Jackson addresses Senate

At the Student Senate’s meeting last week, President Shirley Ann Jackson spoke to the Senators regarding the state of the Institute. During her presentation, issues such as languages, the Class of 2014, and the Clustered Learning Advocacy and Support for Students initiative were discussed.

Jackson began the evening speaking about the 10th anniversary of The Rensselaer Plan, detailing the diversity that the plan has added to the Institute through the Center for Biotechnology and Interdisciplinary Studies, the Experimental Media and Performing Arts Center, and the East Campus Athletic Village.

The CLASS initiative was the next topic discussed. Jackson announced that this initiative will bring a residential commons model to Rensselaer, allowing for leadership, development, and growth opportunities for students. As part of the new model, students will be grouped based on interests and residential clusters (such as the current Vashuda), as well as time-based clustered. The time-based clusters will include the Sophomore-Year Experience, in which all sophomore students will be required to live on campus or with fraternities and sororities that sign on to the Institute’s Greek Commons Agreement, released to the greek community last week. As part of this new initiative, each class will also have a dean that follows the class from sophomore year until the time that they graduate.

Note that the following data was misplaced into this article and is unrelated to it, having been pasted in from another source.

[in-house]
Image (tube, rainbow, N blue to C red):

Another part of the CLASS initiative is allowing students to participate in overseas experiences. These experiences can either take the form of a semester abroad at an affiliated program, a faculty-led trip during winter or summer break, or potentially an international co-op or internship. Plans are also being evaluated to create an office for the international experience.

Potential members of the Class of 2014 have also started submitting applications. In the past 10 years, applications have increased 135 percent, and the number of applicants this year have again seen an increase, with a 10 percent rise in Early Decision applications.

Also discussed by Jackson was the fate of the language program at the Institute. Although the traditional method will not be seeing a return, Jackson informed Senators that the administration is working on making the approach to learning languages unique to the Institute. This approach will incorporate various ideas from other programs from places like West Point, as well as create a Center for the Study of Cognition, Communication, and Culture.

Last on the slated discussion was the topic of the H1N1 virus. Jackson was pleased that the Institute has done such a good job at controlling the spread of the virus compared to other universities and that RPI has been able to avoid an explosive outbreak. Rensselear recently gave out the first round of H1N1 vaccines, and the Health Center is expecting more to be delivered.

During the Q&A session with the Senate, various construction projects were discussed. A multi-year project will begin in the spring aimed to repair and improve the CII, in addition to plans for a new science center (although fundraising needs to be started for the project). The administration is looking to strengthen financial aid as well as start planning the next capital campaign, with a goal larger than the recently-completed $1.4 billion campaign.

Also of note, the administration said the process of room selections for next year will be altered as a result of the CLASS initiative and the process will likely be moved to an earlier date.

Following the presentation and discussion, the Senate concluded their meeting by discussing various committee activity in addition to the “Just Ask” campaign started earlier this year.